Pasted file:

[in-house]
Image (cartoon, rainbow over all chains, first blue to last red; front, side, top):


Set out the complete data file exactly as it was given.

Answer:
[in-house]
Image (cartoon, rainbow over all chains, first blue to last red; front, side, top):